Defining Service Of God

As the Israelites transition from being servants of Pharaoh to servants of God, they acknowledge that God will instruct them in how to best serve God.

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1. How much (as in Rashi);

2. In what way.

Accordingly, says Ohr HaChaim, Moses is expressing two ideas simultaneously:

1. We may be asked to bring more sacrifices than we are able to prepare for. So, we will bring all our animals--not only those that are conventionally sacrificed, but even our donkeys, horses and camels--because they can be sold or exchanged to acquire suitable animals (see Tractate Avodah Zarah 24b). This is indicated by the words not a hoof will remain, for from it shall we take to worship Hashem our God. 

By emphasizing we take (nikach, which also connotes "we will purchase"), Moshe is focusing on the value, the "purchase power" of the animals. 

2. We must bring everything with us, for in addition to sacrifices (as was delineated in 5:3) we might be commanded to build altars and a sanctuary, to fashion utensils, etc. Therefore, "we will not know how (mah) we will serve Hashem" means, "We must be open to whatever demands Hashem will place upon us." God defines avodat Hashem, as how He is to be served.

The Meaning of Avad

The Hebrew root for "serve" is a-v-d. It may be said that a-v-d serves as a leitmotif of our parshah, as this word appears, in various forms, 21 times (an average of once for every three verses!), spanning the entire portion from the beginning (10:1) to the end (13:14).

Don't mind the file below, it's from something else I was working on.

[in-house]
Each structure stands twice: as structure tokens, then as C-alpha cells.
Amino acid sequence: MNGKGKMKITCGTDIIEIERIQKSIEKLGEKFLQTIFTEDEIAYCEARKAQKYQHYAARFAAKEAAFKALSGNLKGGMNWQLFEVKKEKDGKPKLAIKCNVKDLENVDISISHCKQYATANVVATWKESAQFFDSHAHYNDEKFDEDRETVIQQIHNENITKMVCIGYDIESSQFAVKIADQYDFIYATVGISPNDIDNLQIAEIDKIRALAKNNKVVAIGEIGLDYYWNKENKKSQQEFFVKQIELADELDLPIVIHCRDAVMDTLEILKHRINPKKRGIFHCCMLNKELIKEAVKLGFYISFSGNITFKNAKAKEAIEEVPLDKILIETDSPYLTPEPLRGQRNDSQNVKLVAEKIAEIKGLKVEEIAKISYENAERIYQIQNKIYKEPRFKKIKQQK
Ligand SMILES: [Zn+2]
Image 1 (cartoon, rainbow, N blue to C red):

At times, it is found in the word eved, meaning "slave," for example:

And it shall be, when your son asks you someday, saying "What is this?" then you will say to him, "With a mighty hand did God take us out of Egypt, from the house of slaves" (13:14).

At other times, the root refers to Pharaoh's servants and advisers, as in:

And God said to Moses, "Come to Pharaoh, because I have hardened his heart and the heart of his servants . . ." (10:1).

Another connotation of a-v-d is "serving, or worshipping God," as seen in 10:24-26. This usage, too, pervades the parashah:

". . . let my people go, that they may serve Me" (10:3).

And Moses and Aaron were brought back to Pharaoh, and he said to them, "Go serve Hashem your God . . ."(10:8).

And [Pharaoh] called for Moses and for Aaron at night, and he said, "Arise, leave from the midst of my people, both you and the Children of Israel, and go serve God as you have spoken" (12:31).

In a similar vein, we learn of the Pesach sacrifice, which is called avodah, "service:"

And it shall be, when you come to the land which God will give you, as He spoke, then you shall observe this service. And it will be, when your sons will say to you, "What is this service to you?" (12:25-26).

A Transformation of Meaning

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Rabbi Avraham Fischer

Avraham Fischer is a rabbi at Darche Noam Institutions.